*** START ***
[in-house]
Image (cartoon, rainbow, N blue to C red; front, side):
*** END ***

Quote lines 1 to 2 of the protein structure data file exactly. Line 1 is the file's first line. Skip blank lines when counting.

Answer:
[in-house]
Image (cartoon, rainbow, N blue to C red; front, side):